• Half a day work on Saturday.  While weekends were for my kids I did go to work on Saturday morning. But my kids would come with me. This had two unexpected consequences; my kids still remember that work was very cool. They liked going in with me and they said it helped them understand what dad did at “work.” Second, it set a cultural norm at my startups, first at Supermac as the VP of Marketing, then at Rocket Science as the CEO and at E.piphany as President. (Most Silicon Valley startups have great policies for having your dog at work but not your kids.)
  • Long vacations.  We would take at least a 3-week vacation every summer. Since my wife and I liked to hike we’d explore national parks around the U.S. (Alaska, Wyoming, Colorado, Washington, Oregon, Maine.) When the kids got older our adventures took us to Mexico, Ecuador, India, Africa and Europe. The trips gave them a sense that the rest of the country and the world was not Silicon Valley and that their lives were not the norm.
  • Never miss an event.  As my kids got older there were class plays, soccer games, piano and dance performances, birthdays, etc. I never missed one if I was in town, sometimes even if it was in the middle of the day. (And I made sure I was in town for the major events.)
  • Engage your spouse.  I asked my wife to read and critique every major presentation and document I wrote. Everything she touched was much better for it. What my investors never knew is that they were getting two of us for the price of one.  (And one of us actually went to business school.)  It helped her understand what I was working on and what I was trying to accomplish.
  • Have a Date-Night.  We tried hard to set aside one evening a week when just the two of us went out to dinner and/or a movie.
  • Get your spouse help.  Early on in our marriage we didn’t have much money but we invested in childcare to help my wife. While it didn’t make up for my absences it offloaded a lot.
  • Traditions matter.  Holidays, both religious and secular, weekly and yearly, were important to us. The kids looked forward to them and we made them special.
  • Travel only if it needed me.  As an executive it was easy to think I had to get on a plane for every deal. But after I had kids I definitely thought long and hard before I would jump on a plane. When I ran Rocket Science our corporate partners were in Japan (Sega), Germany (Bertelsmann) and Italy (Mondadori) and some travel was unavoidable. But I probably traveled 20% of what I did when I was single.
  • Document every step.  Like most dads I took thousands of photos.  But I also filmed the girls once a week on the same couch, sitting in the same spot, for a few minutes – for 16 years. When my oldest graduated high school I gave her a timelapse movie of her life.

“Live to Work” or “Work to Live”?
When I was in my 20’s the two concepts that mattered were, “me” and “right now.” As I got older I began to understand the concept of “others” and “the future.” I began to realize that working 24/7 wasn’t my only goal in life.

As a single entrepreneur I had a philosophy of, “I live to work” – nothing was more exciting or important than my job. Now with kids it had become, “I work to live.” I still loved what I did as an entrepreneur but I wasn’t working only for the sheer joy of it, I was also working to provide for my family and a longer term goal of retirement and then doing something different. (The irony is when I was working insane hours it was to make someone else wealthy.  When I moderated my behavior it was when they were my startups.)

Work Smarter Not Harder
As I got older I began to realize that how effective you are is not necessarily correlated with how many hours you work. My ideas about Customer Development started evolving around these concepts. Eric Ries’s astute observations about engineering and Lean Startups make the same point.  I began to think how to be effective and strategic rather than just present and tactical.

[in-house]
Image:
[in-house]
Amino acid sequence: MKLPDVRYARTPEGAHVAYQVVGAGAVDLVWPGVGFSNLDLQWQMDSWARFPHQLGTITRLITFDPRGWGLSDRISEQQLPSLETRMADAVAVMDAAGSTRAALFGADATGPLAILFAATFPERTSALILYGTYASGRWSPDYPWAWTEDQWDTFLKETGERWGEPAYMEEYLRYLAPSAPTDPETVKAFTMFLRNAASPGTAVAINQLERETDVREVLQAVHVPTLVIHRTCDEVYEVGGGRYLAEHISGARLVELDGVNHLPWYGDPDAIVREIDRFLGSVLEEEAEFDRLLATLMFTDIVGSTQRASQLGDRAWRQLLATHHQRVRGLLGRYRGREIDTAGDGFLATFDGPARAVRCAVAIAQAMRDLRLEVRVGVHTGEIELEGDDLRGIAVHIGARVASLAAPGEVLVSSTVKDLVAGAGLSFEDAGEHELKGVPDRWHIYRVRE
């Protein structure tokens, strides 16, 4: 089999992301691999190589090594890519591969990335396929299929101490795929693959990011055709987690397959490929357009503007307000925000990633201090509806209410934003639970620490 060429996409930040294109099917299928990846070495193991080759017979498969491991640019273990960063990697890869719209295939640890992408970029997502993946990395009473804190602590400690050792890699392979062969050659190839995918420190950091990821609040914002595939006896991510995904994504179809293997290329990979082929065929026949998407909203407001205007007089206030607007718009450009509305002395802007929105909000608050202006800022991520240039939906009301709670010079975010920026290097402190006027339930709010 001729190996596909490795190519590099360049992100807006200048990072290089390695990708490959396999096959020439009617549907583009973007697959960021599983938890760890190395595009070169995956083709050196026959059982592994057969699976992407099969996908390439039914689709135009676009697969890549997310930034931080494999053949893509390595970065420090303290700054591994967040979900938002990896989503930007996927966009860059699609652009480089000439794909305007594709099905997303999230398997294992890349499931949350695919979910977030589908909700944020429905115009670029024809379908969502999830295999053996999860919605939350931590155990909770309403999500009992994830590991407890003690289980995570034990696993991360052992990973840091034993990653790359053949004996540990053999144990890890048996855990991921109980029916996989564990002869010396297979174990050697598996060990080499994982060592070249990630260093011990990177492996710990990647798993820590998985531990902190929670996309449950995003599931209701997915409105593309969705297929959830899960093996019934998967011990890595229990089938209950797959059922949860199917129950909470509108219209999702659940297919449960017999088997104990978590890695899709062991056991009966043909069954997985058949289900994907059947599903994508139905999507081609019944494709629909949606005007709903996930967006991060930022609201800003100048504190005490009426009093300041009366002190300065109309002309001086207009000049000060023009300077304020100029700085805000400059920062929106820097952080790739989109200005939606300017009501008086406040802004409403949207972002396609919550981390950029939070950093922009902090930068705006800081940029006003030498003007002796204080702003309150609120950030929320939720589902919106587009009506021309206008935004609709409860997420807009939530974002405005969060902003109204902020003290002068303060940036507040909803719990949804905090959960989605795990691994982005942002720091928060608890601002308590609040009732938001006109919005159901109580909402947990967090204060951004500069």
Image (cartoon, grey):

Advice From Others
As my kids were growing up I got a piece of advice that stuck with me all these years.

The first was when our oldest daughter was 6 months old, and a friend was holding her.  She looked at the baby then looked at me and asked, “Steve do you know what your most important job with this baby is?” I guessed, “Take care of her?” No. “Love her?” No. “OK, I give up, what is my most important job.” She answered, “Steve, your job is teaching her how to leave.” This was one of the most unexpected things I ever heard. This baby could barely sit up and I have to teach her how to leave?

My friend explained, “your kids are only passing through. It will seem like forever but it will be gone in a blink of an eye. Love them and care for them but remember they will be leaving. What will they remember that you taught them?”

For the next 18 years that thought was never far from my mind.

What Will Your Epitaph Say?
At some point I had heard two aphorisms which sounded very trite when I was single but took on a lot more meaning with a family.

  • This life isn’t practice for the next one. I started to realize that some of the older guys who I had admired as role models at work had feet of clay at home. They had chose their company over family and had kids who felt abandoned by their dads for work – and some of these kids have turned out less than optimally. I met lots of other dads going through the “could-have, would-have, should-have” regrets and reflections of the tradeoffs they had made between fatherhood and company building. Their regrets were lessons for me.
  • What will your epitaph say? When our kids were babies I was still struggling to try to put the work/life balance in perspective. Someone gave me a thought that I tried to live my live my life around. He asked me, when you’re gone would you rather have your gravestone say, “He never missed a meeting.” Or one that said, “He was a great father.” Holding my two kids on my lap, it was a pretty easy decision.

I hope I did it right.

Know When to Hold Them, Know When to Fold Them, Know When to Walk Away
When my last startup, E.piphany went public in the dot.com boom, I was faced with a choice; start company number nine, or retire.

I looked at my kids and never went back.

Thanks to my wife for being a great partner.  It takes two.

Listen to the blog post here

http://steveblank.com/2009/06/18/epitaph-for-an-entrepreneur

Download the podcast here or here

Follow

Get every new post delivered to your Inbox.

Join 151,495 other followers